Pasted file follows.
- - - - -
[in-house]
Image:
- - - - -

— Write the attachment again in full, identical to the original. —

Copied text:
[in-house]
Image: